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Feature Update: Near Duplicate Content

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We included a new subfeature into the Duplicate Content Report: From now on, our customers can analyse their site’s content even more in-depth – with the help of the “Near Duplicate Content Report”. In this blog post, we’ll explain the difference between Duplicate Content and Near Duplicate Content.

Now our customers can dive deeper into their websites’ depths. Especially for Panda-affected websites, the Near Duplicate Content Report can help to reveal content-related trouble spots.

What’s our definition for “Duplicate Content”?

In order to point out the difference, I’ll quickly explain our definition of “Duplicate Content”. In the past two years, this report experienced a lot of modifications. The first version of OnPage.org still worked out the “Text Uniqueness” – this was a fantastic metric, as it could work out a site’s percentage of “Unique Content”. The problem though was: It didn’t scale. When increasing the number of analysed sites to the million range, the metric was no longer able to keep up. That’s why we started looking for a substitute. The result is a fingerprint which is calculated based on the site’s content – just like other tools do.

By the way, we only use the fingerprint for a site’s content and not for the source code. Additionally, we get rid of all numbers before calculating the fingerprint, as a single sign could already change the fingerprint. If one site displays different metrics, as for example “How fast was the site loaded?”, this would result in a different fingerprint at each time – this shall be prevented by excluding the numbers.

We then use this fingerprint to compare it with another page. As soon as we find another URL with the same fingerprint, we inform our users about it in the “Duplicate Content Report” and leave it up to the user to decide what to do with it. We only compare indexable pages: Pages that point to another page with Canonical or similar (Robots.txt Block, Noindex, …) are not included.

Near Duplicate Content

What is “Near Duplicate Content”?

After close reading our definition of “Duplicate Content”, you may stumbled upon the following: One single varying sign only can result in two sites not being regarded as Duplicate Content any more. That’s why we have been working on a solution for this problem. What has been the very accurate Text Uniqueness before, is now the calculation of “Near Duplicate Content”.

The new algorithm uses fingerprints as well – however, with a large number of pages compared on Bit-basis which shed light on the actual similarity of different texts. One can now tell how many changes are necessary for text A in order to get to text B. We have been testing this algorithm and as the number of “False Positives” is low enough now, we decided to include the report.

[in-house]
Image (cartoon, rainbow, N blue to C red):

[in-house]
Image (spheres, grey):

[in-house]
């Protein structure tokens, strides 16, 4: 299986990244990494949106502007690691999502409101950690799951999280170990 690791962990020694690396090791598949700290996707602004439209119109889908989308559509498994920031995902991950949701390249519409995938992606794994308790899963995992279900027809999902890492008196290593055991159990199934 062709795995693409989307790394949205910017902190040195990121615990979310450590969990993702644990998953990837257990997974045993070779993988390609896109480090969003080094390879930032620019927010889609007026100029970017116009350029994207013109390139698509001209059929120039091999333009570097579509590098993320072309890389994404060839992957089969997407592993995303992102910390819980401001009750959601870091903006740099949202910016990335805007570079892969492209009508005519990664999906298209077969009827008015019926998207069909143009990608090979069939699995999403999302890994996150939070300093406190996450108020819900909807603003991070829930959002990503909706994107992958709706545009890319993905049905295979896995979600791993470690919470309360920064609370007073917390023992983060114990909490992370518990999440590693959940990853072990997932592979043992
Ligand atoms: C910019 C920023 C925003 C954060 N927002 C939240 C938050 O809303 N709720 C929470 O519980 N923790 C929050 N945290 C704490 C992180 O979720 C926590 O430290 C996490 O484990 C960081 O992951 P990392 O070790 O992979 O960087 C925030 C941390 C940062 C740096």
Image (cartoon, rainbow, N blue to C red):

Our goal is: Detecting very similar pages that differ in 2-3 sentences but all in all do not offer any added value. Another example would be product pages à la “Adidas Shoe Size 39” and “Adidas Shoe Size 40” – the only difference is the indication of the size, but actually, there’s no added value.

In the end, it’ll look like this: The graph accumulates the number of all found critical Near Duplicates per page.

near-duplicate-content-overview

All found critical Near Duplicates per page

If you click on the more detailed view (magnifier next to the number), you’ll get the more detailed listing with lighter versions of Near Duplicate Content:

near-duplicate-content-detail-list

Detailed view with percentages

Why is that important?

Anyone who is acquainted with the patents of Google and other search engines will know that such “Near Duplicate Content” algorithms are extremely important: They help search engines with the adjustment of their crawlers. If a site repeatedly displays similar content which do not provide any added value, search engines will prefer to invest their resources into domains where it’s more likely to find valuable content.

If a page shows too much resemblance with a previous page, it results in crawlers ignoring these sites and their links. We of course do not proceed like that: It is our goal to provide you with preferably all contents of your domain in order to give you an overview of potentially dormant parts of your website that could affect your domain metrics negatively.

Of course you can also use such algorithms to reveal entire spam projects. If every page of your domain is actually unique, it’ll be only a matter of time until the Panda filter strikes again.

tl;dr

You’ll find our new “Near Duplicate Content” report within the main menu “Content” below “Duplicate Content”. It’ll help you to reveal very similar pages within your website. The inspector’s detailed view ranges from “Very Critical Near Duplicate Content” to “Potential Near Duplicate Content”.

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